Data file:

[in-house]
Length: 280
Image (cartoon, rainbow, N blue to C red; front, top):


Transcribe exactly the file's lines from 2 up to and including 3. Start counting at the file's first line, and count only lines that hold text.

Length: 280
Image (cartoon, rainbow, N blue to C red; front, top):